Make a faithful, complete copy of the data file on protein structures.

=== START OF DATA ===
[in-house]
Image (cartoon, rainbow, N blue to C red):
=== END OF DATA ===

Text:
[in-house]
Image (cartoon, rainbow, N blue to C red):